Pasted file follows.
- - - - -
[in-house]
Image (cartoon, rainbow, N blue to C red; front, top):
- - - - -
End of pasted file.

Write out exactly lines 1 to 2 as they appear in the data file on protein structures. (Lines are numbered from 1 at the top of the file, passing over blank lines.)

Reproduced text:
[in-house]
Image (cartoon, rainbow, N blue to C red; front, top):